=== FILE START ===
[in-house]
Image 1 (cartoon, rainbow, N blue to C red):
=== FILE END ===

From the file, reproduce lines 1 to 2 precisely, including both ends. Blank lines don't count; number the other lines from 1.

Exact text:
[in-house]
Image 1 (cartoon, rainbow, N blue to C red):